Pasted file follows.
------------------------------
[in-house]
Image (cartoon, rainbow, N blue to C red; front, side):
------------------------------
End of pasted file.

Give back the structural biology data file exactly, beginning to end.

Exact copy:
[in-house]
Image (cartoon, rainbow, N blue to C red; front, side):